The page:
Known As Prout Farm
By James Croggon, The Evening Star, July 14, 1907 [p. 11]
This is a portion of Washington, once in the lines of the Prout farm, north of the section described in The Star of the 7th instant, farm which the excavation made for the navy yard tunnel of the Baltimore and Potomac railroad, removed much of the original soil. This, however, being within the lines of K street and Virginia avenue, did not affect the rights of the private owners, and when the ditch was refilled the old conditions were restored. North of this cut re four squares laid off on the original plan, as Nos. 879 and 880 between I and K, 6th and 7th streets, and Nos. 905 and 928, between I and K streets eastward to 9th street. According to the original lay of the land the first was on the hill side, the second in the bottom and the others on the level plateau. The squares east of 7th street appear to have been settled first, according to records obtainable, and there is interesting history as to all of the squares, the names of the forefathers of many families of the present day being linked with the records, and much family history has come through with the growing generations.
With the exception of 8th street and the vicinity of the market, little material improvement was made in the section until in the twenties. Some few brick pavements and oil lamps were then in evidence on 8th street and near the market at 6th and K streets. Though the market house had induced some little settlement on K street, and the corporation fire apparatus in charge of the Anacostia fire company and a log lockup, or prison, near 7th and K streets, indicated that there was a municipal government in existence, the view north of the market for the first fifty years of the citys history revealed green hills and few buildings. Eastward there were some buildings constructed in the early years of the century.
Possession Commenced Under Leases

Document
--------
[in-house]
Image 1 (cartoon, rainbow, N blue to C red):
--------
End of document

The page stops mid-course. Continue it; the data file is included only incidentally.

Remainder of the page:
In square No. 879, formed within the lines of 7th and K streets and Virginia avenue there were but two lots projected, and these were assigned to Mr. Prout in 1797. In the same year he sold both to Augustus Woodward, who, in 1804, conveyed them back to Mr. Prout. In 1808 L. Farrington had title in lot 1, and the next year the lease of a frame house and ground in lot 2 was made to J. Bowen. In 1814 J.N. Brashears and James MacKim had title in lot 2, and a house and d to Thomas Lyndall, master joiner, and in 1836 James Bury, master blacksmith, was a resident on the square. Mrs. Bury survived her husband, and lived in the house for many years. The house is standing at the present day.
In 1820 the ground was valued at 6 cents per foot, and J. Bowen was assessed for a $200 improvement. In 1833 this was reduced t $150; Mrs. Lyndall was assessed on $50 and Mr. Bury, $1,100.
The square southeast of 6th street, facing the market, contained two lots which, in 1808, were vested in the original owner, Mr. Prout. No improvements appear in the early days, when 3 cents per foot was the valuation of the ground. Though there are no record of improvements on the original books, leases appear in 1806 to R. Delphy and E. Vidler, and the next year to Thomas Young, Thomas Foyles and Patrick Farrell. In 1808 Thomas Summers was a leasee, the next year James MacKim, in 1812 Elizabeth Brown, and in 1819 Peter Little. Mary A. Brown bought a lot in the square in 1822, and James Nokes and Lavinia Numan bought of James Scanlon in 1831. The latter was master plumber of the navy yard.